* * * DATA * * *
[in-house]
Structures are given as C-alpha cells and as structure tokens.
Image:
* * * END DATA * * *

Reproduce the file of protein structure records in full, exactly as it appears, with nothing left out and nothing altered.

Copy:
[in-house]
Structures are given as C-alpha cells and as structure tokens.
Image: